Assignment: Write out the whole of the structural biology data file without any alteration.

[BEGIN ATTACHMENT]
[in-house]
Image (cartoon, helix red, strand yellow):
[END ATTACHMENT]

[in-house]
Image (cartoon, helix red, strand yellow):